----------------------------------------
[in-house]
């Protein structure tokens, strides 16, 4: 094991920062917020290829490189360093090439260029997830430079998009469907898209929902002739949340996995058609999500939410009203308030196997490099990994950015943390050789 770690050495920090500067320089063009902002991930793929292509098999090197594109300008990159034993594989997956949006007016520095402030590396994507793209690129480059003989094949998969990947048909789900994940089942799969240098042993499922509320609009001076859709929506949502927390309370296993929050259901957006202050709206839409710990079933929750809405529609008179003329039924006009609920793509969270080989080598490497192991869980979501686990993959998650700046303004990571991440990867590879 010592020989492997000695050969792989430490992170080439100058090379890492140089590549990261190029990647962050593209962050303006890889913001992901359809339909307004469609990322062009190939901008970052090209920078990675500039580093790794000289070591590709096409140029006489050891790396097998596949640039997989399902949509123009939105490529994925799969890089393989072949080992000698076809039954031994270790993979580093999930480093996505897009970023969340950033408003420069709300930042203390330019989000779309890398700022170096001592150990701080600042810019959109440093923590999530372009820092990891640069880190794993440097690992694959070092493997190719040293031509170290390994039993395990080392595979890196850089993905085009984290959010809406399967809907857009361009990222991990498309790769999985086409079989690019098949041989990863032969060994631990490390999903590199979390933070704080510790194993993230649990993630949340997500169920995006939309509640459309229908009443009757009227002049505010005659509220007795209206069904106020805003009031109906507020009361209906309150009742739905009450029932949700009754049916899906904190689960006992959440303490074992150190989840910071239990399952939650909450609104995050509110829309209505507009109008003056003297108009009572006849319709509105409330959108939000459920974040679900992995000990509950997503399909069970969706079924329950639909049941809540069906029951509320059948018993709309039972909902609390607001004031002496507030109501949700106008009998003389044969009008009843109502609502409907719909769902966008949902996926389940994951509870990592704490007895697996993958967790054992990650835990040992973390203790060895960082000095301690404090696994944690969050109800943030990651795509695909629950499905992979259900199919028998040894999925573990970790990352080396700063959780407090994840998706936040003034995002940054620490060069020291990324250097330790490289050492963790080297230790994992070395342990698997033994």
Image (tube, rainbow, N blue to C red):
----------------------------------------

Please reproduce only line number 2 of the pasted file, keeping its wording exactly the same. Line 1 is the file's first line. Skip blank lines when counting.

């Protein structure tokens, strides 16, 4: 094991920062917020290829490189360093090439260029997830430079998009469907898209929902002739949340996995058609999500939410009203308030196997490099990994950015943390050789 770690050495920090500067320089063009902002991930793929292509098999090197594109300008990159034993594989997956949006007016520095402030590396994507793209690129480059003989094949998969990947048909789900994940089942799969240098042993499922509320609009001076859709929506949502927390309370296993929050259901957006202050709206839409710990079933929750809405529609008179003329039924006009609920793509969270080989080598490497192991869980979501686990993959998650700046303004990571991440990867590879 010592020989492997000695050969792989430490992170080439100058090379890492140089590549990261190029990647962050593209962050303006890889913001992901359809339909307004469609990322062009190939901008970052090209920078990675500039580093790794000289070591590709096409140029006489050891790396097998596949640039997989399902949509123009939105490529994925799969890089393989072949080992000698076809039954031994270790993979580093999930480093996505897009970023969340950033408003420069709300930042203390330019989000779309890398700022170096001592150990701080600042810019959109440093923590999530372009820092990891640069880190794993440097690992694959070092493997190719040293031509170290390994039993395990080392595979890196850089993905085009984290959010809406399967809907857009361009990222991990498309790769999985086409079989690019098949041989990863032969060994631990490390999903590199979390933070704080510790194993993230649990993630949340997500169920995006939309509640459309229908009443009757009227002049505010005659509220007795209206069904106020805003009031109906507020009361209906309150009742739905009450029932949700009754049916899906904190689960006992959440303490074992150190989840910071239990399952939650909450609104995050509110829309209505507009109008003056003297108009009572006849319709509105409330959108939000459920974040679900992995000990509950997503399909069970969706079924329950639909049941809540069906029951509320059948018993709309039972909902609390607001004031002496507030109501949700106008009998003389044969009008009843109502609502409907719909769902966008949902996926389940994951509870990592704490007895697996993958967790054992990650835990040992973390203790060895960082000095301690404090696994944690969050109800943030990651795509695909629950499905992979259900199919028998040894999925573990970790990352080396700063959780407090994840998706936040003034995002940054620490060069020291990324250097330790490289050492963790080297230790994992070395342990698997033994």